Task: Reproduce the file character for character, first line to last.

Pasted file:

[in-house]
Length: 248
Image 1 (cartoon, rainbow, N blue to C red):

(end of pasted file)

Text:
[in-house]
Length: 248
Image 1 (cartoon, rainbow, N blue to C red):